The downwardly-extending legs used to mount the golf club holder on the golf bag have integral outwardly facing gripper fingers designed to grip the shafts of certain specialty clubs that may be too short for easy access in the golf bag, e.g. the putter, the lob wedge and the chipping iron. Such gripper fingers can be used for gripping and supporting other devices associated with the game of golf, e.g. attachment rings for towels, water bottles, shoe brushes, ball washers, and club or spike cleaning tools.
Preferably the golf club holder is manufactured and packaged in a flat condition. This is advantageous from a manufacturing standpoint and also from a sales point of view, since the package takes up a relatively small space on the shelf or in a suspended display position.
A golf club organizer of the present invention will support eleven iron clubs including the putter and any other special iron such as a chipping iron, or extra wedges. It also leaves ample room in the bag opening for other clubs that are not mentioned.
Nine iron clubs will be firmly stored in specially designed holding pockets. They can be kept in numerical order around the perimeter of the golf bag opening with the club heads protruding out over the periphery of the bag to display each in a fan like array.
The iron club shafts within the bag are kept close to the inner circumference on the golf bag interior. They hang freely avoiding damage to each other, and at a proper height above the bottom of the bag to avoid bottoming out.
The golf club organizer of the present invention is molded flat as a one piece plastic molding, with adequate flexibility to have a 7 inch through 10 inch diameter semi-circle configuration adaptable to 7 to 10 inch golf bag openings.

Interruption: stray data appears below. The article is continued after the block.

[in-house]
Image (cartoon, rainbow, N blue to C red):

The specially designed holding pockets are formed to hold the various shaped iron club heads on the market today with few exceptions. The two exterior club hangers are used to carry the putter and any other specialty club a golfer uses most frequently during the game. These two clubs are completely outside of the bag and are quickly accessed by simply pulling up on them. When not in use, these clubs are stored in the golf bag.
The golf club carrier of this invention has four (4) integral clip type leg supports that attach over the lip of a golf bag opening simply by slipping over the lip without undue friction or abrasion. These legs serve to hold the main frame upright and do not have to grip the bag since the curved flexible main frame, which assumes the diameter of the bag opening, will produce the force to hold it in position. Once the iron clubs are loaded into the plurality of holding pockets, the weight of the irons adds to the stability of the organizer.
These four clip legs are reinforced along their vertical axis to form a solid upright structure ready for the repeated abuse of the irons being extracted and replaced many times per game. The combination of the curved main frame flexibility and four reinforced clip legs insures this product will not shift, tip over, or become dislodged once placed on the golf bag.
Further features of the invention will be apparent from the attached drawings and description of an illustrative embodiment of the invention.
The description refers to the accompanying drawings in which like reference characters refer to like parts, throughout the several views, and in which: